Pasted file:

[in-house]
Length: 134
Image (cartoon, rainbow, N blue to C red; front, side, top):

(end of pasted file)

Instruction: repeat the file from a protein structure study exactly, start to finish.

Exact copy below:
[in-house]
Length: 134
Image (cartoon, rainbow, N blue to C red; front, side, top):